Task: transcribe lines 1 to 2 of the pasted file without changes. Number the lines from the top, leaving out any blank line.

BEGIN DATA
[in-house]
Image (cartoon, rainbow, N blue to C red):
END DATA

[in-house]
Image (cartoon, rainbow, N blue to C red):